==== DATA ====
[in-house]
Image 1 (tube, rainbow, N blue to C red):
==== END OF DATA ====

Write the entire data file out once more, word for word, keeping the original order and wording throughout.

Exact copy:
[in-house]
Image 1 (tube, rainbow, N blue to C red):